At first things went quickly. The first two shelves saw me getting rid of 18 books. But after that, it was slow going ... At one point I thought it was going to be the death of me and I sent out a message to the effect of: If you don't hear from me later and they find my body under piles of paper/shelves, please tell my nieces/nephews I loved them very much. But then I buckled down again.

I usually do little culls as I go along i.e. one book in, one book out, but it got away from me in the last year or so, especially recently with a collection of ARCs, new/growing scrapbooks, and the new blog books. The design trend lately is to organize bookshelves by color, but that would make me CRAZY. As it is I have two authors out of alpha order and I itch. Of course, it's because those two authors need two-three shelves each ... That's totally normal, yes? It's not an obsession, it's a collection.
After: 3 of the 4, Cameo by Maxxie
Part of why it took all day was because I was dusting, reorganizing, editing the spreadsheet, doing research on, Wikipedia, and Goodreads, adding to my wish lists for missing pieces of the collection/replacements for VHS to new formats, and then sending out e-mails to people to see if they would take things off my hands. (Only one taker for one of the 30+ items that eventually need new homes!)

One more Summer Friday down - one more thing off the list. I've got to tackle the clothes collections later ... I'm scared. Two bureaus, two closets, 2 under bed storage buckets ... Two summer months to go.

Friday, June 28, 2013

Auntie Nettie Reads A LOT 2013 - 2nd Quarter

Well, I usually read a lot MORE (see the earlier lists), but this year has also been "read"iculous. I was on the road/rails a lot, or staring at my iTouch or computer screens. 

The usual caveat applies: If you are just finding the blog, please note that this list was maintained mainly so that I could remember what I've read this year. The record does not fully represent me or all of my interests, so don't judge my reading habits. My interests change quite frequently. Also, as a general rule, I don't do book recommendations or link to major retailers or publishers. Except for the ARCs listed below [thanks major publishers!], most of these books came from MY library or a public library.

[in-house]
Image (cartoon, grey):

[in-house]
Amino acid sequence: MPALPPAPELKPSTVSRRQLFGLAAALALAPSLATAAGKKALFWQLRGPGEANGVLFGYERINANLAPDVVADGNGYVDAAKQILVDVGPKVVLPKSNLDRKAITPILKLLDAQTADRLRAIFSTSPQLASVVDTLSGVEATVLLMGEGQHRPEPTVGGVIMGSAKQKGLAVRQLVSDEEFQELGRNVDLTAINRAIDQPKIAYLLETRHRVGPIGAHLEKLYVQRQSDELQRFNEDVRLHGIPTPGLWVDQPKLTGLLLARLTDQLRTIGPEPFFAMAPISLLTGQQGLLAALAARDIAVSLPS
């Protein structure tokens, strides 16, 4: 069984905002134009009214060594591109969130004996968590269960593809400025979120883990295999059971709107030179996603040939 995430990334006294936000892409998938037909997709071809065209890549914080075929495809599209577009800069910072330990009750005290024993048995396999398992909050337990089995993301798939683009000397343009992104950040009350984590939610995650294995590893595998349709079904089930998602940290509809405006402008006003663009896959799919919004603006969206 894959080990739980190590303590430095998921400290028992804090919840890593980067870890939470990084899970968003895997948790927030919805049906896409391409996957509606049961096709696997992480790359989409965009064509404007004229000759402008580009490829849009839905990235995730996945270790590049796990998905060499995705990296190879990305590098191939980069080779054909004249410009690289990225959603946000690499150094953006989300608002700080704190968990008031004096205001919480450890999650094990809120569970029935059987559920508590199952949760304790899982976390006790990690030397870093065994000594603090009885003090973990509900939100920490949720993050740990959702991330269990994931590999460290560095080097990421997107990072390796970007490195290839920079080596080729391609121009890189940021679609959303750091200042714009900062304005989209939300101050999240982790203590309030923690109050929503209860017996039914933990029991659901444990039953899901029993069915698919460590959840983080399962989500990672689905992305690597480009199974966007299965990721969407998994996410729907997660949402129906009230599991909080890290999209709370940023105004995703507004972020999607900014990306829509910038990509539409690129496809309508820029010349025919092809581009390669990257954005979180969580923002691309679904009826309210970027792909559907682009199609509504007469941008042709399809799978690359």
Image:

Go forth, use your library card and READ! 

April through June 2013 
Notorious Nineteen by Janet Evanovich
Wicked Business by Janet Evanovich
The Finishing Touches by Hester Browne
Book I forgot to write down
Frost Burned (Mercy Thompson Novel) by Patricia Briggs
Cold Days (A Novel of the Dresden Files) by Jim Butcher
You & I, Me & You: A Novel by MaryJanice Davidson
Friendship makes the heart grow fonder by Lisa Verge Higgins
The Iron Wyrm Affair by Lilith Saintcrow
On the Island: A Novel by Tracey Garvis Graves
Peril in Paperback: A Bibliophile Mystery by Kate Carlisle
Ghoul Interrupted: A Ghost Hunter Mystery by Victoria Laurie
What a Ghoul Want: A Ghost Hunter Mystery by Victoria Laurie
Lethal Outlook: A Psychic Eye Mystery by Victoria Laurie
2 others started and stopped
I also think I returned a few without noting the titles!
The Great Escape by Susan Elizabeth Phillips
The Blue-Ribbon Jalapeno Society Jubilee by Carolyn Brown
Swept Off Her Feet: A Novel by Hester Browne
Vanity Fare: A Novel of Lattes, Literature, and Love by Megan Caldwell
The Confidant: A Novel by Helen Gremillon, translated by Alison Anderson
A Cookbook Conspiracy: A Bibliophile Mystery by Kate Carlisle
The Missing Manuscript of Jane Austen by Syrie James
Harry Potter and the Sorcerer's Stone by J.K. Rowling
Neil Gaiman's 'Make Good Art' Speech by Neil Gaiman and graphic artist Chip Kidd
Vader's Little Princess by Jeffrey Brown
The First Lady by Susan Elizabeth Phillips
The Lucy Variations by Sara Zarr
Meant to Be by Lauren Morrill

Thursday, June 27, 2013

Photo of the day: Somewhere Over the Rainbow

View from the train, June 26, 2013, Evening Rush
Apparently the pot of gold at the end of the rainbow can be found off the expressway in Queens.

Wednesday, June 26, 2013

Wreck it Wednesday: Wreck this Journal Updates

From the Preface: 
Warning: During the process of this book you will get dirty. You may find yourself covered in paint, or any other number of foreign substances. You will get wet. You may be asked to do things you question. You may grieve for the perfect state that you found the book in. You may begin to see creative destruction everywhere. You may begin to live more recklessly. 

It's been a while since I've posted the updates about my Wreck this Journal, but I have been slowly working on it. This past week, in particular, saw a burst of activity - mostly while I was waiting for other things to happen. It was good to use it to process other things that were going on.